Three Steps That NATO Needs to Take with Russia
After years of Putin gradually pushing the envelope and expanding his influence, it is past time for NATO to coherently respond to Russia. NATO countries can either stop their public threats and ultimatums towards Russia, or they can match their rhetoric with action outside of simple symbolic sanctions. Continuing the path of rhetoric without action, however, serves only to decrease Western credibility and continue allowing Putin to endanger Russia's neighbors.
After the relatively constructive years of Boris Yeltsin's Russia, Putin began constantly expanding his influence. This began with increased forays into Chechnya. Though NATO mulled sanctions and threatened Putin, it ultimately did nothing while Putin firebombed Chechen civilians. This do-nothing policy resulted in a death toll of over 200,000 Chechen civilians.
Able to get away with murder – literally – within his own borders, Putin looked westward. As one of the first former-Soviet countries to join the EU and NATO, Estonia has always been under Russian pressure. When Estonia attempted to move a Soviet war monument in 2007, it suffered a massive cyber-attack. As one of Europe's most technologically advanced countries, cyber-attacks on Estonia's banks, newspapers, and government servers were crippling. Though Russia denied responsibility, it was widely accepted that Russia was implicitly involved. NATO's response was to issue a statement and simply install the Center for Excellence for Cybersecurity in Tallinn.
With no repercussions for a cyber-attack on a NATO and EU member, Putin opted for military action just a year later. Georgia, a "Partner for Peace," was actively working towards NATO membership when it became Putin's next target. As Russia invaded Georgia, Putin faced withering criticism and demands from the West – and nothing else. Not only was Russia's invasion substantively unchallenged, but its subsequent occupation continues as Russia has built a barbed-wire fence around its forces currently within Georgia.
Seeing that NATO was all fluff in responding to a kinetic attack on a PfP, Putin started threatening major Western powers. The 2000s saw Russia resume Cold War-era naval and long-range bomber patrols around the US and Europe. The UK's RAF declassified dozens of instances in 2009 alone of Western airspace being breached by Russian nuclear-capable jets loaded with ordnance. These provocative threats were unacknowledged and unabated.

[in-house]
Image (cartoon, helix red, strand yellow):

After receiving no pushback for buzzing borders, Putin tested NATO's political mettle. For eleven months, Putin offered only mild obstruction while Obama's administration struggled to respond to Syria. After Obama's administration said that Syria's "totally unacceptable" use of chemical weapons would constitute a "red line" and trigger serious "consequences," Syria launched the first of over a dozen such attacks. While NATO struggled for political support and vetoed military action, Putin seized the opportunity to save the day with a negotiated agreement.
With no tangible response to a decade's-worth of Russian aggression, Putin obviously felt confident enough to invade the prize of the former USSR – Ukraine. And just as in Chechnya, Estonia, Georgia, and Syria, the West's response has been typical – heavy on rhetoric, vapid on action. The core of the response – ejection from the G8 and "heavy sanctions" – was inconsequential to Putin. It is time for the consequences to match the response.
One option is simply eliminating hollow threats and ultimatums from the rhetoric. The other, more robust, option is three-fold:
- NATO members must cease military cooperation with Russia. Building powerful battleships for a Russia that has blockaded the Black Sea and captured the entire Ukrainian fleet is unbelievably beyond counterproductive.
- Sanctions need to be more than symbols. The US should sanction banks that actually have US branches and subsidiaries (unlike Bank Rossiya), and Europe needs to target the Russian energy sector. While it would certainly be painful for Europe in the short term, such a strong statement would powerfully demonstrate resolute commitment to the region.
- NATO leaders should not publicly refuse to use force in Ukraine if needed. Though military intervention is certainly undesirable, such declaratory statements by Obama, Hague, and Merkel remove the deterrent of uncertainty, allowing Putin to comfortably push further than he may have otherwise.
We are no longer living in the Yeltsin years when Russia was responsive to rhetoric and threats of sanctions. It will soon be imperative to match rhetoric with demonstrated will and committed strength or dial down the rhetoric to the actual level of disinterested involvement. A failure to make the right decision soon will only signal Putin the thumbs up from NATO to extend his campaign to "rescue" beleaguered Russian speakers deeper into Europe.
Micah Ables is a freelance writer and has lived in and traveled extensively throughout Ukraine.
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